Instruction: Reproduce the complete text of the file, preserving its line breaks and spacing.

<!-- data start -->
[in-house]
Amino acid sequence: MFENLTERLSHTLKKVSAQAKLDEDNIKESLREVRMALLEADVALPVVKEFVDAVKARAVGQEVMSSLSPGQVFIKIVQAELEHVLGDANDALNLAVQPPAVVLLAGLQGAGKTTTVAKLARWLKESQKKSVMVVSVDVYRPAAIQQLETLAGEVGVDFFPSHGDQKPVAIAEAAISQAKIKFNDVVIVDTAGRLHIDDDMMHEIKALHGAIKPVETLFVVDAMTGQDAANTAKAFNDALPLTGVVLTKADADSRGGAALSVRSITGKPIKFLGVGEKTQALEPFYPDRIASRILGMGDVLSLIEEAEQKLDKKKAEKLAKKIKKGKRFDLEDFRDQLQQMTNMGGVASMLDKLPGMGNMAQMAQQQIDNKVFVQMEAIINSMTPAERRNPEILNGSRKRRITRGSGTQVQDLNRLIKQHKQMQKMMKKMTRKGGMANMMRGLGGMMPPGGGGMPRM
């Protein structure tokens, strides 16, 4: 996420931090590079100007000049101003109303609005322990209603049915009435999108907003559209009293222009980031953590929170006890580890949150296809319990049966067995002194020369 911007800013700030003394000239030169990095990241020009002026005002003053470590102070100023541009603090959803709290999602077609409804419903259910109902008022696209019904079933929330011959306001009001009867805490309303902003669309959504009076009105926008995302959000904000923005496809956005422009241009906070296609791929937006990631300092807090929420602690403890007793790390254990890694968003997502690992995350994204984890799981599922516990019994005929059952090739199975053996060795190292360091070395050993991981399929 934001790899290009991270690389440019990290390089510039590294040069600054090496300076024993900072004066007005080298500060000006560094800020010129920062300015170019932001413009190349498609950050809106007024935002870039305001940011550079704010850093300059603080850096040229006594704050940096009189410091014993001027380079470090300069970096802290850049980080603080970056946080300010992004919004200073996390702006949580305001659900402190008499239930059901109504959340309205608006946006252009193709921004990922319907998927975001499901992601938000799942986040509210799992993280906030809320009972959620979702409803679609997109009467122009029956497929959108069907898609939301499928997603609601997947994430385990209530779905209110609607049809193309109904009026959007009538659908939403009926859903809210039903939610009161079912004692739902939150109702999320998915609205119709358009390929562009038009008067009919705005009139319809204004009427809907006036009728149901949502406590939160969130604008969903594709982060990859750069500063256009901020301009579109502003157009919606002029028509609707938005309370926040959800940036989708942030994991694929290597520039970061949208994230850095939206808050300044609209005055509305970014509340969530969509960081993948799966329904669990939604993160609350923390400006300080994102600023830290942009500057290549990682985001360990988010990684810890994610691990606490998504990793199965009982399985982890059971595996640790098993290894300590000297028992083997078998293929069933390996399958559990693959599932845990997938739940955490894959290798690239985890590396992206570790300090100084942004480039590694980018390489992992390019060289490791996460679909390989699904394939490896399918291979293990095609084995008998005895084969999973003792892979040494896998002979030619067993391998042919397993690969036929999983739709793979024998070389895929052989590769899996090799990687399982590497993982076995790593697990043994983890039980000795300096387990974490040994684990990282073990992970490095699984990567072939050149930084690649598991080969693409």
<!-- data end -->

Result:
[in-house]
Amino acid sequence: MFENLTERLSHTLKKVSAQAKLDEDNIKESLREVRMALLEADVALPVVKEFVDAVKARAVGQEVMSSLSPGQVFIKIVQAELEHVLGDANDALNLAVQPPAVVLLAGLQGAGKTTTVAKLARWLKESQKKSVMVVSVDVYRPAAIQQLETLAGEVGVDFFPSHGDQKPVAIAEAAISQAKIKFNDVVIVDTAGRLHIDDDMMHEIKALHGAIKPVETLFVVDAMTGQDAANTAKAFNDALPLTGVVLTKADADSRGGAALSVRSITGKPIKFLGVGEKTQALEPFYPDRIASRILGMGDVLSLIEEAEQKLDKKKAEKLAKKIKKGKRFDLEDFRDQLQQMTNMGGVASMLDKLPGMGNMAQMAQQQIDNKVFVQMEAIINSMTPAERRNPEILNGSRKRRITRGSGTQVQDLNRLIKQHKQMQKMMKKMTRKGGMANMMRGLGGMMPPGGGGMPRM
């Protein structure tokens, strides 16, 4: 996420931090590079100007000049101003109303609005322990209603049915009435999108907003559209009293222009980031953590929170006890580890949150296809319990049966067995002194020369 911007800013700030003394000239030169990095990241020009002026005002003053470590102070100023541009603090959803709290999602077609409804419903259910109902008022696209019904079933929330011959306001009001009867805490309303902003669309959504009076009105926008995302959000904000923005496809956005422009241009906070296609791929937006990631300092807090929420602690403890007793790390254990890694968003997502690992995350994204984890799981599922516990019994005929059952090739199975053996060795190292360091070395050993991981399929 934001790899290009991270690389440019990290390089510039590294040069600054090496300076024993900072004066007005080298500060000006560094800020010129920062300015170019932001413009190349498609950050809106007024935002870039305001940011550079704010850093300059603080850096040229006594704050940096009189410091014993001027380079470090300069970096802290850049980080603080970056946080300010992004919004200073996390702006949580305001659900402190008499239930059901109504959340309205608006946006252009193709921004990922319907998927975001499901992601938000799942986040509210799992993280906030809320009972959620979702409803679609997109009467122009029956497929959108069907898609939301499928997603609601997947994430385990209530779905209110609607049809193309109904009026959007009538659908939403009926859903809210039903939610009161079912004692739902939150109702999320998915609205119709358009390929562009038009008067009919705005009139319809204004009427809907006036009728149901949502406590939160969130604008969903594709982060990859750069500063256009901020301009579109502003157009919606002029028509609707938005309370926040959800940036989708942030994991694929290597520039970061949208994230850095939206808050300044609209005055509305970014509340969530969509960081993948799966329904669990939604993160609350923390400006300080994102600023830290942009500057290549990682985001360990988010990684810890994610691990606490998504990793199965009982399985982890059971595996640790098993290894300590000297028992083997078998293929069933390996399958559990693959599932845990997938739940955490894959290798690239985890590396992206570790300090100084942004480039590694980018390489992992390019060289490791996460679909390989699904394939490896399918291979293990095609084995008998005895084969999973003792892979040494896998002979030619067993391998042919397993690969036929999983739709793979024998070389895929052989590769899996090799990687399982590497993982076995790593697990043994983890039980000795300096387990974490040994684990990282073990992970490095699984990567072939050149930084690649598991080969693409």